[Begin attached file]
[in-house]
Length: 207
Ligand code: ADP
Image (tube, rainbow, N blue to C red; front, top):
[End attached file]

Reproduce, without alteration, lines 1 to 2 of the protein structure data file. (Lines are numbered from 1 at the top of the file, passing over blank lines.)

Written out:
[in-house]
Length: 207